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JET supports McKenzie on punishment for fire offenders

Published:Saturday | April 2, 2016 | 12:00 AMChristopher Serju

Environmentalist and head of Jamaica Environment Trust Diana McCaulay says that she supports strong action against persons who burn garbage without any regard for the risk it may pose to life.

Her comments come against the background of a recent announcement by Local Government Minister Desmond McKenzie that he intends to enforce the relevant laws against offenders who carelessly burn garbage.

"What we have is the perennial problem in Jamaica, which is the enforcement of existing laws. Under the law, the (maximum) fine is $50,000, so I think he should go forth and fine and prosecute. I'm delighted," she told The Gleaner on Thursday.

Following a tour of the Riverton City Dump in St Andrew on Thursday, March 24, McKenzie served notice of his intention to use the full force of the law to stem the wanton burning of garbage across the Corporate Area.

FIRES ACT

It is estimated that more than one-third of Jamaicans burn garbage - some because they have no alternative way of disposing of it; others because they are ignorant of the potential negative impact on health and the environment. This is despite the fact that open burning is illegal. In fact, under the Country Fires Act and the Public Health (Nuisance) Regulations, it is an offence to light certain fires without permission.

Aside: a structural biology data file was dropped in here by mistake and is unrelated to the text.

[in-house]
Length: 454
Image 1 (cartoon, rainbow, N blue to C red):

"People have to understand that the law must start to act, and act in a way that punishes those who continue to disrupt the lives of others," McKenzie declared during a tour of the dump where some 60 per cent of the country's solid waste is disposed.

The Country Fires Act of 1942 states that for something as simple as setting fire to a pile of garbage in your back yard, the local authority (Parish Council) or the Kingston and St Andrew Corporation must first give permission. The law also empowers members of the Jamaica Fire Brigade personnel to put out any fire that is seen as a potential threat to life and property. But the $2,000 for a first conviction or a prison term not exceeding three months is a source of discontent for Assistant Commissioner of the Fire Brigade Sean Martin.

He has long argued for a significant increase in the sanctions, insisting that the current fines and prison terms are not a deterrent.